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Two of the major film releases of late 2003, The Last Samurai and the final chapter of
The Lord of the Rings,
are centered on extended, graphic scenes of warfare and both films blatantly peddle war as
noble and heroic. Such cultural propaganda abets in the molding of a public mindset that
allows duplicitous politicians to lead nations into heedless military adventurism, onto
international battlegrounds where the reality of death and destruction belies cinematic
dreams of glory. Cold Mountain is about war and its pervasive effect on
individuals, both those on the front and those back home. Anthony Minghella's film, based
on the brilliant first novel by Charles Frazier, opens with a Civil War battle in which
there is no glory, only brutal slaughter on ground made muddy by the flowing blood of the
maimed and dying. It is a scene from Hell, a man-made Hell right here on Earth.
Injured in the battle and hospitalized, Confederate soldier Inman (Jude
Law) is deeply disillusioned and decides to desert. He sets out on foot from Virginia,
heading for his home town in the Blue Ridge mountains where he had left behind Ada Monroe
(Nicole Kidman), just as romance was budding between them. Though they had shared only a
few conversations and one departing kiss, each finds succor and motivation in the promise
of their future together.
Flashbacks fill in the story of Ada and her minister father (Donald
Sutherland) who had relocated from Charleston to live on a farm in rural Black Cove, under
the shadow of Cold Mountain. When her father dies, Ada, bred for city life, is unequipped
to run the farm. Her father's investments become worthless, due to the war. She barely
survives starvation, even with gifts of food from a kindly neighbor, Sally Swanger (Kathy
Help arrives in the form of Ruby Thewes (Renee Zellweger), a local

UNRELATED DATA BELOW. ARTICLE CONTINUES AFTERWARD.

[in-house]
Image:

woman with little education, but a wealth of skills in farming and survival in general.
Together, the two women labor to bring the farm back from near ruin to self-sustaining
productivity. Casting a pall over the lives of the whole town are a gang of Home Guards,
lawless bounty hunters looking for deserters.
The story of Ada's experience is intercut with episodes from Inman's
Odyssey-like journey home. He, too, must avoid the Home Guards as he makes his way, having
a series of encounters with local people: a fornicating minister (Philip Seymour Hoffman),
a mountain woman living in isolation in harmony with nature (Eileen Atkins), a lonely
young widow alone with her baby (Nathalie Portman), a wily hillbilly lowlife who uses his
daughters as sexual lures (Giovanni Ribisi).
Both stories are episodic, each episode a learning experience for Inman
on the road and Ada at home. In the novel, a genuine tension accrued as to whether or not
the couple would be reunited; in the film (especially in view of the publicity given a
lovemaking scene) that tension is largely absent. But the film does develop the two
characters in depth and the growth and changes in their characters are finely realized by
Kidman and Law. Their essential goodness (as well as that of several other characters) is
sustained (sometimes at heartbreaking cost) despite the infectious amorality and quick
violence with which the war has permeated the country, both at the front and back home.
Elegantly filmed and superbly acted, Cold Mountain is
faithful to the novel which is its source. Occasionally, it even manages to find visual
equivalents for the poetic style of the book. But the film falls just short of the full
emotional impact it should generate. In the complete professionalism of its execution, it
seems almost too calculated and it is drained of any sense of spontaneity. That and its
episodic structure compromise its ability to build the powerful identification that would
lead to catharsis.
Still, Minghella tells a compelling story and creates memorable screen
characters. The film is a tonic after the overdose of sword-waving on view this season.
- Arthur Lazere